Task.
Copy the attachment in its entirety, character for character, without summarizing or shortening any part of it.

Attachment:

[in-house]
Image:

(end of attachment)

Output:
[in-house]
Image: